I've just completed Chapter 5 of the MCTS Self Paced Training Kit for 70-515 (Web Developer).

Over the past month or two I've been slowly working my way through the book, and the things that I read are in some cases, quite amazing.

Its the little things I'm being educated about. Take for instance two of the most (at least I believe they are) misunderstood methods in regards to site navigation. Response.Redirect and Server.Transfer. Although these two methods appear to do the same thing, when I read the actual technical differences between the two, my jaw dropped.

For instance, Response.Redirect is called a Client Side Browser Redirect, meaning that after a postback, the application redirects to another page as if a user has clicked a hyperlink (or some other non-server related object), meaning no data is preserved between the post from one page to another. This is by no means a Bad Thing, however when I read the correct usage of Server.Transfer (which is called a Server Side Transfer), I had a fluttery feeling of butterflies in my stomach. Server.Transfer preserves the previous page's data in a property called (you guessed it!) PreviousPage, whereas if a page is loaded via Response.Redirect, the PreviousPage property is never populated.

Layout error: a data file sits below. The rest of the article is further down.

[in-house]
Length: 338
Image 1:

Oh the possibilities!

With Response.Redirect, the most widely used method of preserving data across page transfers is passing key/value pairs in the QueryString. In most cases nothing is wrong with this, the only drawback is that you can potentially display sensitive data to the user (as the QueryString appears as part of the Url of the page you are redirecting to, in plain text). Server.Transfer however, doesn't show (to the user) that they have left the original page! In addition to this, if you've set up your page properties correctly you can access whatever you need to in the new page via the magical PreviousPage property.

Ive used both of these methods frequently, without quite knowing how it worked, only that it did. Upon reading this chapter, I am viewing site navigation in a whole new (and more accurate!) light. From now on, when doing dev work in any web application, I will now analyze which method would be better and apply this wonderful tidbit accordingly.